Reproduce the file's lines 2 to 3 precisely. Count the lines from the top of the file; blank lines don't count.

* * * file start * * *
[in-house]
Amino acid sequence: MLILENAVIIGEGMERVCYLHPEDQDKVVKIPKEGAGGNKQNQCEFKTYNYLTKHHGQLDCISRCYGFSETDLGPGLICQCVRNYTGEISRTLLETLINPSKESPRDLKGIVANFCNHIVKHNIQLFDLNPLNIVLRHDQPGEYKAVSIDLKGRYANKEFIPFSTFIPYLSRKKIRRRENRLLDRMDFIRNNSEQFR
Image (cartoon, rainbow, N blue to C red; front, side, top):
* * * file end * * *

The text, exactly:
Amino acid sequence: MLILENAVIIGEGMERVCYLHPEDQDKVVKIPKEGAGGNKQNQCEFKTYNYLTKHHGQLDCISRCYGFSETDLGPGLICQCVRNYTGEISRTLLETLINPSKESPRDLKGIVANFCNHIVKHNIQLFDLNPLNIVLRHDQPGEYKAVSIDLKGRYANKEFIPFSTFIPYLSRKKIRRRENRLLDRMDFIRNNSEQFR
Image (cartoon, rainbow, N blue to C red; front, side, top):